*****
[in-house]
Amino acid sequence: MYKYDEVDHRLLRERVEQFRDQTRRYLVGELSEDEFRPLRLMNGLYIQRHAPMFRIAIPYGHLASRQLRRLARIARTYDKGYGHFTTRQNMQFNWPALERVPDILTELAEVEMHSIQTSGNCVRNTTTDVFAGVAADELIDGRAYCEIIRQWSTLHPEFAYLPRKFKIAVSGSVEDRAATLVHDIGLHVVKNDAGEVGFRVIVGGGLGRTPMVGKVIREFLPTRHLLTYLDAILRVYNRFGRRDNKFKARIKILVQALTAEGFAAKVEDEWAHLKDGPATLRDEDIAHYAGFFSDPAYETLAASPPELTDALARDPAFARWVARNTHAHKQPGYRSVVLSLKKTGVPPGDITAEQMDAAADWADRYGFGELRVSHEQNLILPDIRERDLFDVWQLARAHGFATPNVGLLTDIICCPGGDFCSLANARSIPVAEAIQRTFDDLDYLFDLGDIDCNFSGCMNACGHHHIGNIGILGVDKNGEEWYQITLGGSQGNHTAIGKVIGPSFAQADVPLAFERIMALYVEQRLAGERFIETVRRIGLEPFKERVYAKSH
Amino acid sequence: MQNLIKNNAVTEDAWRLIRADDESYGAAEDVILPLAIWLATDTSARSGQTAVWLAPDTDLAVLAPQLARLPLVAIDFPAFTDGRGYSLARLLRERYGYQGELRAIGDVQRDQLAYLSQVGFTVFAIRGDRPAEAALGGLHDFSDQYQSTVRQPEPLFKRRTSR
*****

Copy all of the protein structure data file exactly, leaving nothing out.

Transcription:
[in-house]
Amino acid sequence: MYKYDEVDHRLLRERVEQFRDQTRRYLVGELSEDEFRPLRLMNGLYIQRHAPMFRIAIPYGHLASRQLRRLARIARTYDKGYGHFTTRQNMQFNWPALERVPDILTELAEVEMHSIQTSGNCVRNTTTDVFAGVAADELIDGRAYCEIIRQWSTLHPEFAYLPRKFKIAVSGSVEDRAATLVHDIGLHVVKNDAGEVGFRVIVGGGLGRTPMVGKVIREFLPTRHLLTYLDAILRVYNRFGRRDNKFKARIKILVQALTAEGFAAKVEDEWAHLKDGPATLRDEDIAHYAGFFSDPAYETLAASPPELTDALARDPAFARWVARNTHAHKQPGYRSVVLSLKKTGVPPGDITAEQMDAAADWADRYGFGELRVSHEQNLILPDIRERDLFDVWQLARAHGFATPNVGLLTDIICCPGGDFCSLANARSIPVAEAIQRTFDDLDYLFDLGDIDCNFSGCMNACGHHHIGNIGILGVDKNGEEWYQITLGGSQGNHTAIGKVIGPSFAQADVPLAFERIMALYVEQRLAGERFIETVRRIGLEPFKERVYAKSH
Amino acid sequence: MQNLIKNNAVTEDAWRLIRADDESYGAAEDVILPLAIWLATDTSARSGQTAVWLAPDTDLAVLAPQLARLPLVAIDFPAFTDGRGYSLARLLRERYGYQGELRAIGDVQRDQLAYLSQVGFTVFAIRGDRPAEAALGGLHDFSDQYQSTVRQPEPLFKRRTSR